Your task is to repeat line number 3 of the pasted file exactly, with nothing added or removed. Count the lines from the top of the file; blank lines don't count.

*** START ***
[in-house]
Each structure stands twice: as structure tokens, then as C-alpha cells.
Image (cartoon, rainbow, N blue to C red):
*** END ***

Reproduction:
Image (cartoon, rainbow, N blue to C red):